'So Joe Foss called me in the next morning. Since I had experience as an Ensign in the Navy, he figured I could identify the ship! So, I was given a silhouette book (book of solid black illustrations to aid in identifying specific types of war machinery). My wingman and I took off from the dirt strip. But he had engine trouble and had to abort. So I was off on the flight alone.”

“Off Savo Island, I found a battleship, later identified as the Hiei. It was encircled by, I remember six destroyers but it could have been four. I (got out of there) and (came back) to report what I'd seen. About 2 hours later, we were dispatched to strafe the Destroyers while the (SBD dive bombers and TBM Avengers) went after the Battleship.”

This photo was supposedly taken from USAAF B-17s on 13 Nov, 1942.  The Hiei is the long white object at the end of the clockwise arc.  Source:  USAAF/wikipedia

Ok. Pause for a second. 

Get this into your mind—a Kongo-class Battleship was equipped with at least 124 anti-aircraft guns. The six Destroyers (probably Fubuki-class but who the heck knows?!) would field another 180+ guns. All together Altogether, 300 guns firing an average of 400 rounds per minute put up 2,000 rounds a second.

Now, think about this—2,000 supersonic pieces of metal, forming a lethal screen designed to stop the Americans from reaching the prize of real Japanese meat.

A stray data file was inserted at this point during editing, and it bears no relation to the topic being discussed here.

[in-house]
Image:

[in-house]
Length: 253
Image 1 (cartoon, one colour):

“I made one run (on a Destroyer), pulled up to about 4,000 feet and got hit by (probably six) Zeros. I had no airspeed, they were diving on me; I got shot to hell! To my credit, I didn’t freeze up.  I thought, “I’ve got to get the hell out of here!”

Fortunately, there was a cloud cap above the scene and Sam slipped into the milky gray just in time—just in time to catch a glimpse of one of the pursuing Zeros wing by so close, he could see the pilot. Sam breathed a sigh of relief; he’d made it. But not for more than a minute or so—an instant later, his tubby, blue-gray, bullet-riddled fighter pierced the cloud bank and re-entered the wide-open sky.

“Goddam! They were right there waiting for me!”

Using their superior maneuverability, the Japanese were able to turn like flies and snap into firing position. Tracers stitched the air, some finding their mark, puncturing the thin skin of Sam’s airplane. And body. He turned again into the cloud.

“What happened then?!” I exclaimed.

Ha!  Great excuse to doodle a dogfight.
And there are more where this one came from, too.
“I stayed in the cloud. I was hit in the leg, not bad. But I stayed in the cloud for maybe (pauses) fifteen minutes. I left the cloud again, looked around and saw they’d gone. I flew back to base.”